Pain lingers after Xinjiang terrorist attack
Updated: 2013-07-05 08:30
By Cui Jia (China Daily)
"Since the riots on July 5, 2009, the scale of incidents in Xinjiang has become smaller, but more frequent and easier to carry out, which means the methods to combat these incidents must be updated," said Wang Zhiyong, deputy commissioner of Kashgar prefecture. Fifteen people - 10 Uygur, three Han and two Mongolians - including police officers and community workers, were killed by a gang in Selibuya township, in the prefecture, on April 23 this year.
Residents look at a terrorist wanted list at a bus terminal in Urumqi. Zhen Shixin / for China Daily
Maintaining social stability is the work of grassroots organizations and they will have to be more effective to prevent acts of terrorism, said Yu Zhengsheng, a member of the Standing Committee of the Political Bureau of the Communist Party of China Central Committee and one of China's top political advisors.
In addition to stepping up security in the large cities, villages and communities must be better equipped because they are at the front line of the fight against terror, said Meng Jianzhu, head of the Political and Legislative Affairs Committee of the CPC Central Committee.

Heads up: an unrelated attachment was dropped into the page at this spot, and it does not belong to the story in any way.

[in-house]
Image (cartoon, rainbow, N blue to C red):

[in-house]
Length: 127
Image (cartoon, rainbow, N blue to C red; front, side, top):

Both Yu and Meng made their remarks after arriving in Urumqi at the weekend.
Many recent attacks in the region have occurred in townships and villages and have targeted local authorities.
Earlier this week, the Xinjiang public security bureau urged residents to report any information that could help solve terror cases. The bureau also published a wanted list, which included people suspected of carrying out two attacks in Hotan, including the murders of two school guards and several workers at a construction site.
The last fugitive from the Lukqun attack was captured on Sunday after a tip-off, local police said. Xinjiang police claim that Ahmetniaz Stek, the suspected leader of the gang, organized for members to view videos of extreme religious activity and has instigated several attacks since February. The gang originally has 17 members but one was arrested the day before the attack acting on a tip, according to Xinjiang police.
Police also found that a terrorist cell in Selibuya, allegedly led by a man called Kasmu Memet, was formed in September 2012. Group members regularly attended meetings organized by Kasmu, where they viewed and listened to material relating to religious extremism and terrorism.
They also undertook physical training and learned how to kill by watching footage of terrorist attacks. Police found knives, combat training material, illegal, extreme religious pamphlets, and three jihadist flags after the April 23 attack.